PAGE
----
If it was possible that anything could be 100% pure, drawing gas out of the ground could be a piece of cake. Gas, unadulterated by any other substance could travel easily through the pipes without damaging a bit of the structure designed for its capture. Unfortunately, this isn't how the world works.
All three states of matter are represented in the process of extracting natural gas from the earth - solids (sand) and liquid (water) come along for the ride. This wrecks havoc on the pipeline, especially at T-junctions and choke valves. Sand banging against flow obstructions causes corrosion which ultimately leads to economic and production losses.
If you went to the STAR Global Conference in Vienna a couple months ago, you would have had the chance to catch Dr. Andrey Kudryavtsev's presentation, "Numerical Analysis Of Erosion Of Gas-Pipeline Elements," where he addresses this exact problem. Using STAR-CCM+ software, he created a multiphase Lagrangian flow model to simulate the flow of the gas, sand and water. While over 200 variences of such factors as particle diameter, silicate concentration, and water/gas concentrations were used, this simulation was simplified easier with the use of a java macro set up for each case.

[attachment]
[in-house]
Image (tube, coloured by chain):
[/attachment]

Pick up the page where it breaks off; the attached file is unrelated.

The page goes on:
By running these simulations, one is able to accurately predict where the erosion will take place and henceforth allows one to plan for a more thorough maintenance program in those areas.
The particulars of this simulation (as well as a download of Dr. Andrey Kudryavtsev's presentation) can be found here, in a recent article published by Engineering.com.